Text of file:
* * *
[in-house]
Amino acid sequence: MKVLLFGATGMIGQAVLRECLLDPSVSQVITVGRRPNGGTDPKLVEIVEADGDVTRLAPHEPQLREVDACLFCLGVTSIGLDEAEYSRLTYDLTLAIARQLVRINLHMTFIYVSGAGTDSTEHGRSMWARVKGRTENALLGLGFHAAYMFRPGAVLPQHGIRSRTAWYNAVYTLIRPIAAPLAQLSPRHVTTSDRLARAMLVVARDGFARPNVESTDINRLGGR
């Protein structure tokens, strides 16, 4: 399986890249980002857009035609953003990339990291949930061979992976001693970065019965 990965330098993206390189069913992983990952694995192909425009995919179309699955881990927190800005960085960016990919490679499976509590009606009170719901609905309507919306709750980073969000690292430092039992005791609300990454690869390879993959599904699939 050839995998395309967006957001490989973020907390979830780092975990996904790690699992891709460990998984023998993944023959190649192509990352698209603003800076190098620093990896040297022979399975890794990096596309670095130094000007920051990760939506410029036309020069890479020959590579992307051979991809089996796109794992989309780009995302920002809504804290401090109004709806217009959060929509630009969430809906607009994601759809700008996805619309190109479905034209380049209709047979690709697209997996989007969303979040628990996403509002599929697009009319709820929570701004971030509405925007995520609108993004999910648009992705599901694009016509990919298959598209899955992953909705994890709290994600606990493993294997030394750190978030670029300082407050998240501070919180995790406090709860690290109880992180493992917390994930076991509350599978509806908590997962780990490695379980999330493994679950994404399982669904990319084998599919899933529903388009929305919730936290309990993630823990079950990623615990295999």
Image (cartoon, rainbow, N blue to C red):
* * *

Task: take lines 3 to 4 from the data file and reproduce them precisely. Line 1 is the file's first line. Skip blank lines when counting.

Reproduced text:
């Protein structure tokens, strides 16, 4: 399986890249980002857009035609953003990339990291949930061979992976001693970065019965 990965330098993206390189069913992983990952694995192909425009995919179309699955881990927190800005960085960016990919490679499976509590009606009170719901609905309507919306709750980073969000690292430092039992005791609300990454690869390879993959599904699939 050839995998395309967006957001490989973020907390979830780092975990996904790690699992891709460990998984023998993944023959190649192509990352698209603003800076190098620093990896040297022979399975890794990096596309670095130094000007920051990760939506410029036309020069890479020959590579992307051979991809089996796109794992989309780009995302920002809504804290401090109004709806217009959060929509630009969430809906607009994601759809700008996805619309190109479905034209380049209709047979690709697209997996989007969303979040628990996403509002599929697009009319709820929570701004971030509405925007995520609108993004999910648009992705599901694009016509990919298959598209899955992953909705994890709290994600606990493993294997030394750190978030670029300082407050998240501070919180995790406090709860690290109880992180493992917390994930076991509350599978509806908590997962780990490695379980999330493994679950994404399982669904990319084998599919899933529903388009929305919730936290309990993630823990079950990623615990295999």
Image (cartoon, rainbow, N blue to C red):